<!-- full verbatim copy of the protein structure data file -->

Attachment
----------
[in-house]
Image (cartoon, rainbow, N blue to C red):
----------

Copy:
[in-house]
Image (cartoon, rainbow, N blue to C red):